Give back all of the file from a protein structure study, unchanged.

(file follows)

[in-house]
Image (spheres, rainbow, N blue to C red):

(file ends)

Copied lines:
[in-house]
Image (spheres, rainbow, N blue to C red):